Ahead of Sunday night’s Grammys, Diddy, who was a guest of the Pre-Grammy Gala accepting the President’s Merit Award, gave a speech that had a rousing effect on many in the music industry as well as observers. In it, he asserted that the Grammys — and by extension, the recording industry at large — had never respected Black music or artists. It was an argument that resonated across the internet — except with one of the artists Diddy’s speech referred to. Ironically, it was one of his own former artists who shot back.
Mase, who was once an integral member of Diddy’s pivotal Bad Boy Records roster back when Diddy was still just Puff Daddy, hit Instagram with a rebuttal after becoming aware of the speech. Posting a screenshot of Meek Mill’s tweet agreeing with Diddy, Mase added an extensive caption addressing his personal problem with Puff’s argument.
“I heard your #Grammy speech about how u are now for the artist and about how the artist must take back control,” he wrote. “So I will be the first to take that initiative. Also, before we ask of other ethnicities to do us right we should do us as black people better. Especially the creators. I heard u loud and clear when u said that u are now for the artist and to that my response is if u want to see change you can make a change today by starting with yourself. Your past business practices knowingly has continued purposely starved your artist and been extremely unfair to the very same artist that helped u obtain that Icon Award on the iconic Badboy label. For example, u still got my publishing from 24 years ago in which u gave me $20k. Which makes me never want to work w/ u as any artist wouldn’t after u know someone is robbing you & tarnishing your name when u don’t want to comply w/ his horrendous business model.”
After asserting that Puff had essentially robbed him for over two decades, Mase then explained the effect that this had on his career. “However, people would always ask what’s up w/ Mase? So I would be forced to still perform to not look crazy when I was getting peanuts and the robbery would continue. So many great moments and people lives in music were lost. But again, I rode with u in the face of death without flinching & u still wouldn’t do right. I never said anything because I wanted to wait until I was financially great so I can ensured that I was addressing this from a pure place and not out of spite. To add insult, u keep screaming black excellence and love but I know love isn’t free. So I offered u 2m in cash just a few days ago to sell me back my publishing(as his biggest artist alive) that always show u respect for u giving me an opportunity at 19 yrs old. Your response was if I can match what the EUROPEAN GUY OFFER him that would be the only way I can get it back. Or else I can wait until I’m 50 years old and it will revert back to me from when I was 19 years old. You bought it for about 20k & I offered you 2m in cash. This is not black excellence at all. When our own race is enslaving us. If it’s about us owning, it can’t be about us owning each other. No More Hiding Behind “Love”. U CHANGED? GIVE THE ARTIST BACK THEIR $$$. So they can take care of their families.”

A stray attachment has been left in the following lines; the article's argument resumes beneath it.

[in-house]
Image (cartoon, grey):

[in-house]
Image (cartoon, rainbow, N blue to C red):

The conversation of unpaid royalties has come up multiple times this week, as Kelis also took Pharrell to task for “lying and tricking” her out of her publishing for Kaleidoscope. The conversation calls to mind the fractious relationship between iconic hip-hop moguls’ capitalistic successes and their social consciousness. While they can call out the wider industry, it seems it’s also imperative that they sweep their own porches first.
Read Mase’s reaction to Diddy’s Grammys speech above.